Thursday, 28 July 2011

To sleep, perchance to dream

Perfect pillow cases from Kat.Devine on Folksy.

I love the 'night night, sleep tight' message but Kat can embroider anything on the pillow cases for you, which is also rather tempting.

She is also running a tumblr 'Make Me a Million' her folksy shop is part of the challenge but there are other ideas up there too which are quite fun. (There is also an A Rose Beyond the Thames tumblr here for my excess pictures and just stuff I like that I don't get round to writing about- tumblr is fun, come and play!).

Tuesday, 19 July 2011

L'Artisan Parfumeur Mûre et Musc

I saw my first blackberries of the year at the weekend and was immediately inspired to reach for L'Artisan Parfumeur's Mûre et Musc, a perfume concoction of equal parts blackberry, musc and magic.

In all truth blackberry musc sounds like something you might buy in a pharmacy/ chemist, a cheaper body spray that would be beloved of teen girls on their first independent foray into picking a scent for themselves.

This scent couldn't be further from that fragrance you imagine. There is blackberry yes, but it is blackberry from the branch not the sugared kind from a pie a body spray might contain. There is still dew on these fruits and a hint of the forest they came from. There is musc here too but not the very shouty, so synthetic your teeth stand on end kind. This musc is the cleaner, sophisticated smell of a grown up.

So when I spray the enticingly named Mûre et Musc I always smile a grown ups smile. I can wear a really good musc, a chic one, one that makes me check my posture, straighten my back a little and I can still have a little fun with a dash of blackberry. Perhaps the little girl can grow into a woman without forgetting where she started.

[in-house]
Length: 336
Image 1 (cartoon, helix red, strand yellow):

Disclosure: I received a bottle of Mûre et Musc as a press gift

Friday, 15 July 2011

The noise

It was a perfumer who first made me aware of that overwhelming loudness of the capitol. I suppose being so attuned to one sense- and loving it so- perhaps developes your other senses, or makes you appreciate them more. In any case really ever since then I do find myself noticing that wall of sound more and more, I don't necessarily say I don't like it, but I do say it is an overwhelming presence sometimes.

There are nights, when the windows must be open and the bus hurtles round the corner at 4am for who knows what reason, there are those times when the noise is too much. When I want to get up and ask everyone carrying on to just dissist so I can please sleep and dream. There are also those days on Oxford street where I'm turning my earphones up and up until they are at warning levels and I still cannot hear when I want to tell the city to hush because I am very interested in what makes the perfect fish soup on Woman's Hour and would like to hear about it while I walk to M&S for cheese- the walking to get cheese and the Woman's Hour shouldn't be denied me together purely because I choose to walk in W1.

Then there are the other days when the hum is like a lullaby, comforting my hectic thoughts and making sense of them. The times when I stay in the country and everyone says how well I must have slept without the noise from London and I want to say no actually it was disturbingly quiet, I've been awake since 5am and I'm much rather hear the bus than your snoring down the hall (though of course I say all the right things about terribly noisy grey London because it is what you do when you go to the country- NB. I'm from the country ish so I can say so justifiably I think).